Is T-Mobile’s unlimited video streaming actually good for consumers?

Consumer advocates warn that while Binge On offers the short-term benefit of letting you gorge on the go, it could hurt innovation in the long run.

T-Mobile’s new offer of unlimited video streaming could be a great deal for Netflix and HBO Go fanatics. It may also set a bad precedent.

The nation’s third-largest wireless carrier on Tuesday took the wraps off Binge On, a program that lets some customers stream an unlimited amount of video from certain services to their smartphones without busting their monthly data caps. The program, which is similar to T-Mobile’s Music Freedom service, launches Sunday with access to video from 24 popular sources, including Netflix, Hulu and ESPN.

The Bellevue, Washington, company is billing Binge On as a win for consumers. But it also raises the question of whether this sets up wireless service providers as app gatekeepers, which could in the long run inhibit the creation of new services and limit consumer choices.

“In the short term, it might be benefiting some consumers,” said Matt Wood, policy director at the consumer advocacy group Free Press. “But the fact that they’re willing to do this at all calls into question why there’s a data cap if T-Mobile can give exemptions to whole categories of applications.”

It’s the control over which applications are exempt from data caps and which are not that troubles Wood and other critics, many of whom question whether the practice also violates the Federal Communication Commission’s Net neutrality rules. These rules, adopted in February, are based on the principle that traffic on the Internet should be treated equally and that Internet service providers should have no say in which services and applications consumers use.

T-Mobile’s new offer is an example of a practice known as “zero rating,” which allows Internet service providers, such as wireless companies, not to count data usage for certain applications against a customer’s monthly cap. The FCC has not taken a strong stand on this practice. Its Net neutrality rules deliberately don’t prohibit such deals, allowing instead the FCC to review complaints case by case.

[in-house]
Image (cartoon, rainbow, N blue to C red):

“There are ways that zero rating can be done badly and ways it can be done well,” said Doug Brake, telecom policy analyst for the Information Technology & Innovation Foundation, a Washington, DC-based think tank that has encouraged the FCC to remain open to alternative business models. “I think the way T-Mobile has structured this is smart.”

T-Mobile CEO John Legere described Binge On as “completely compliant” with Net neutrality rules. The company will allow any legal streaming service to join the program, Legere said in an interview, as long as these services meet its technical standards.

“The same people that raise that issue think that breathing the air is a violation of Net neutrality,” Legere quipped.

One of his key arguments is that neither the consumer nor the services are paying to be part of Binge On. Consumers can also turn the feature off.

“How can consumer choice be bigger than yes or no?” he said.

The T-Mobile service works by using proprietary technology to downgrade the resolution of the streaming service to “DVD quality,” less than one would expect on a large-screen TV. Industry watchers generally agree that customers viewing video on smartphones won’t notice a difference in resolution because the screens are so small.

Critics say the fact that streaming companies need to adapt their service or seek permission from T-Mobile to be included in its program is itself a barrier to competition and ultimately will lead to fewer choices for consumers.

“One of the key principles of the Internet is that it offers innovation without permission,” said Barbara van Schewick, a law professor at Stanford University. This means developers can create applications and those applications just work, but T-Mobile’s program interferes with that principle because new entrants must meet the company’s technical requirements, she said.

“The program has the effect of making certain video apps more attractive than others,” she said.

Legere said these fears are overblown, but T-Mobile has not released details of how its technology works or what requirements need to be met.

“You know who I think can meet the technical requirements? Anyone who wants to,” Legere said. “If it’s proven not to be [easy], we’d adapt.”

Still, Wood questioned why T-Mobile is singling out streaming video rather than including other data-intensive services like online video games. In other words, why does T-Mobile need to offer unlimited data for particular applications when it already offers a data plan that provides unlimited access to all applications? (T-Mobile increased the cost of its unlimited data plan by $15 a month on the day it announced Binge On.)

“What is the point of a cap if certain uses are exempt?” Wood said. “We don’t see the rationale for a cap if you magically lift it depending on what kind of service you’re using.”

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